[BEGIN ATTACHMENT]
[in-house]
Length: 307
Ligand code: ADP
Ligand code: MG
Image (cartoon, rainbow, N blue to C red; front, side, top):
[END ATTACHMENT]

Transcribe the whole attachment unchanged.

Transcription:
[in-house]
Length: 307
Ligand code: ADP
Ligand code: MG
Image (cartoon, rainbow, N blue to C red; front, side, top):